Exhibitions and honors[edit]

Pollak participated in numerous exhibitions including the Whitney Museum of American Art's First Biennial of Contemporary Painting in 1932 and group exhibitions at Rockefeller Center in New York City in 1936. Annually she participated in the Virginia Museum of Fine Arts' American Painting Biennial and Exhibition of Virginia Artists and The Richmond Scene exhibition at the Valentine Museum. In 1939, she received first prize at the Virginia Museum of Fine Arts' Virginia Artists Biennial. In the 1970s Pollak's art was exhibited at Scott-McKennis Fine Art, a gallery owned by her former student Gail McKennis, and she maintained an upstairs art studio on Thompson Street, between Cary Street and Floyd Avenue. Her art was shown in Richmond Artist Association and Virginia Museum of Fine Arts juried shows, as well as in invitational and curated shows at local venues Reynolds/Minor Gallery, Artspace 1306, Artspace, and Art6 Gallery.

She was the first Richmond artist honored by the Virginia chapter of the Women's Caucus for Art as an "Artist of the Year." In 1951 Mary Baldwin College honored Pollak with a solo show and the Anderson Gallery at Virginia Commonwealth University honored her with a retrospective in 1969. Richmond Magazine named its annual awards for excellence in the arts "Pollak Awards" in her honor.[11] In 1975, she was a participant in Virginia Commonwealth University's Oral History Program.[5]

In 1971, The Pollak Building at the Virginia Commonwealth University's School of the Arts was named for her.

On her 100th birthday, in 1999, Richmond Mayor Tim Kaine issued a letter of proclamation honoring her accomplishments [12] and a commemorative poster, issued by Virginia Commonwealth University, was distributed at more than 20 galleries throughout Richmond. The poster is a reproduction of Pollak's 1930 painting "Maxine".[13]

On May 12, 2015 the Richmond Times Dispatch announced that Virginia Commonwealth University's Anderson Gallery was closed and that the Anderson Gallery Collections, including its holdings of art by Theresa Pollak, would be moved to VCU's James Branch Cabell Library.[14]

The Theresa Pollak Prizes for Excellence in the Arts, so named in her honor, has been awarded by Richmond Magazine to artists associated with the Richmond region since 1998. Honorees have included: Bosnian-born artist Tanja Softić, Professor of Art at the University of Richmond (2012); television writer, producer, and director Vince Gilligan; visual artist Sonya Clark (2014);[15] theater set designer Terrie Moore; and in 2017, painter Thomas Van Auken.[16]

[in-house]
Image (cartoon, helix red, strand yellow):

Pollak's works are in the permanent collections of The Virginia Museum of Fine Arts, The Chrysler Museum, the Valentine, Virginia Commonwealth University, and the University of Richmond among others.

References[edit]

  1. ^ "About Theresa Pollak · Remembering Theresa Pollak: An Exhibition on the Founder of VCUarts · VCU Libraries Gallery". Retrieved 13 December 2016.
  2. ^ a b Proctor, Roy. “A Portrait of Theresa Pollak.” Richmond Times Dispatch, October 18, 1998.
  3. ^ "Art Teacher Defends Virginia Museum's Abstract Art Exhibition," featured in the Richmond newspaper, News Leader, on 2 April 1958.
  4. ^ a b c "Remembering Theresa Pollak: An Exhibition on the Founder of VCUarts · VCU Libraries Gallery". Retrieved 13 December 2016.
  5. ^ a b c d "Curriculum Vitae · Remembering Theresa Pollak: An Exhibition on the Founder of VCUarts · VCU Libraries Gallery". Retrieved 10 March 2017.
  6. ^ "Curriculum Vitae: Remembering Theresa Pollak: An Exhibition on the Founder of VCUarts". Retrieved March 10, 2017.
  7. ^ Dabney, Virginius (1976). Richmond: The Story of a City. Doubleday. p. 306. ISBN 0-385-02046-5.
  8. ^ David, Amy. "Richmond artist Pamela Sutherland presents work at VMFA's traveling 75th anniversary fellowship program". RVA Magazine. Retrieved 5 March 2018.
  9. ^ Proctor, Roy (October 18, 1998). "A Portrait of Theresa Pollak". Richmond Times Dispatch.
  10. ^ "Later Years · Remembering Theresa Pollak: An Exhibition on the Founder of VCUarts · VCU Libraries Gallery". Retrieved 13 December 2016.
  11. ^ Winiecki, Susan J. (27 December 2017). "From the Editor: The Climb". richmondmagazine.com. Retrieved 29 December 2017.
  12. ^ Kaine, Tim. "Letter from Mayor Tim Kaine commemorating Theresa Pollak's 100th birthday". Virginia Commonwealth University. Retrieved 24 April 2015.
  13. ^ Williams, Lee (August 3, 1999). "Happy Birthday, Theresa Pollak". Style Weekly.
  14. ^ "VCU Anderson Gallery to close". Retrieved 13 December 2016.
  15. ^ Jr., Harry Kollatz (30 September 2014). "Visual Arts: Sonya Clark". richmondmagazine.com. Retrieved 29 December 2017.
  16. ^ Jr., Harry Kollatz (26 December 2017). "The Evolution of an Honor". richmondmagazine.com. Retrieved 29 December 2017.